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Hittin' the road - Episode 7: Mudgee

The kitchen facilities are so good that TAFE's local competitors also use them. Kudos to Mudgee for sharing their toys with the kids next door

After seeing all the wonderful work being done across TAFE Illawarra, I couldn't wait to jump into the car to make some new friends in a different part of the state. And with nine other Institutes to pick from, I was certainly spoiled for choice. So where did my travels take me in Round 2 of the great TAFE Road Trip? Four words – Go West, Young Man. (Okay, young-ish man.)

After a leisurely drive from Sydney, my first port of call was Mudgee.

Mudgee TAFE is a large and very well-equipped campus. As hospitality is one of their strongest areas, they have the most amazing training kitchens. In fact, the kitchen facilities are so good that TAFE's local competitors also use them. Kudos to Mudgee for sharing their toys with the kids next door. Something there should be more of everywhere.

Engineering is another big industry area that Mudgee TAFE does very well. Walking into the electrical facilities at Mudgee was like being transported to a WorldSkills arena – a large space with a row of separate booths against the walls in which apprentice sparkies can individually practise the ins and outs of their trade. It's a great learning environment. Was it embarrassing that I had trouble finding the light switch?

Similarly, the hydraulics training facilities took my breath away. Hydraulics, which is basically oil or air under pressure, is everywhere in our society – in cranes, elevators, trucks, braking systems, in fact most large machinery – so it was interesting seeing it laid out bare and basic in the form of a large training rig. Just right for some serious "hands-on" learning.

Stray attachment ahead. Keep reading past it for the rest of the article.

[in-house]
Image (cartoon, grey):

I was also mighty impressed with the automotive facilities. Not only is the garage as well-equipped as the rest of the campus, but the TVET automotive students from Mudgee High School have no shortage of real cars on which to hone their skills. Local abandoned cars that are still unclaimed after six months are given to TAFE Western, including Mudgee TAFE's training garage. Pulling a car to pieces and then reassembling it (over and over again) is surely the best way to learn exactly how it all works.

Moving further along, I caught up with some carpentry pre-apprenticeship students, whose work includes some pretty awesome chook houses. The guys are justifiably proud of their work, but they still couldn't be persuaded to do some chook impersonations for the camera. A couple of the students have already secured apprenticeships with local carpenters and builders, which is great. For the other students, this course actually shortens the time spent away from the job site by pre-loading the TAFE component prior to entering the workforce. Great for the student and great for the employer!

Starting at Mudgee, and something that was a feature throughout TAFE Western Institute, was the concept of naming meeting rooms. TAFE Western works in close partnership with local Aboriginal communities, and invites representatives from those communities (usually Elders) to name the meeting rooms with a name that honours both their language and their people. Nice one.

After my whirlwind tour of the great facilities at Mudgee it was time to jump back into the car again and make some more tracks. Next stops – Dunedoo and Gilgandra.